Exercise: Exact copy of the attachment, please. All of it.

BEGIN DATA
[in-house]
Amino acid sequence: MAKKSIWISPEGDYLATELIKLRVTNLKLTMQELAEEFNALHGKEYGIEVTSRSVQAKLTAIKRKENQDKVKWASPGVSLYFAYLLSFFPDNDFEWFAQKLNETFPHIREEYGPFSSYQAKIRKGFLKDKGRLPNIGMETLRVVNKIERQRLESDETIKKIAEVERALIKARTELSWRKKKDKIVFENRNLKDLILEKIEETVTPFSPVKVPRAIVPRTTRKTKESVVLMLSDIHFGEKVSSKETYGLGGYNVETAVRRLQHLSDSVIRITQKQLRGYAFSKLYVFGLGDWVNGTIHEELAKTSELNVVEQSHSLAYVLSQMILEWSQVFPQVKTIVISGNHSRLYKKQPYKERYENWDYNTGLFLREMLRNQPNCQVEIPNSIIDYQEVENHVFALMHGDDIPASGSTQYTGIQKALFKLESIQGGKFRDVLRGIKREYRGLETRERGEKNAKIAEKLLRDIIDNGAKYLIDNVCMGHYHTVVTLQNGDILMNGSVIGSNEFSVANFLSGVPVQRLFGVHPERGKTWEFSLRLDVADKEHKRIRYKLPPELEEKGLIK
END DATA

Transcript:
[in-house]
Amino acid sequence: MAKKSIWISPEGDYLATELIKLRVTNLKLTMQELAEEFNALHGKEYGIEVTSRSVQAKLTAIKRKENQDKVKWASPGVSLYFAYLLSFFPDNDFEWFAQKLNETFPHIREEYGPFSSYQAKIRKGFLKDKGRLPNIGMETLRVVNKIERQRLESDETIKKIAEVERALIKARTELSWRKKKDKIVFENRNLKDLILEKIEETVTPFSPVKVPRAIVPRTTRKTKESVVLMLSDIHFGEKVSSKETYGLGGYNVETAVRRLQHLSDSVIRITQKQLRGYAFSKLYVFGLGDWVNGTIHEELAKTSELNVVEQSHSLAYVLSQMILEWSQVFPQVKTIVISGNHSRLYKKQPYKERYENWDYNTGLFLREMLRNQPNCQVEIPNSIIDYQEVENHVFALMHGDDIPASGSTQYTGIQKALFKLESIQGGKFRDVLRGIKREYRGLETRERGEKNAKIAEKLLRDIIDNGAKYLIDNVCMGHYHTVVTLQNGDILMNGSVIGSNEFSVANFLSGVPVQRLFGVHPERGKTWEFSLRLDVADKEHKRIRYKLPPELEEKGLIK